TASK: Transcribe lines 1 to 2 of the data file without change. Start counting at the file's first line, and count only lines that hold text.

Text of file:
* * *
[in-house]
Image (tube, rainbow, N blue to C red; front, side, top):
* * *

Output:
[in-house]
Image (tube, rainbow, N blue to C red; front, side, top):